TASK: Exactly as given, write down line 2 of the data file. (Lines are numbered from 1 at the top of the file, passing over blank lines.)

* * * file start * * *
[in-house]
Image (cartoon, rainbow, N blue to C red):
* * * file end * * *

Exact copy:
Image (cartoon, rainbow, N blue to C red):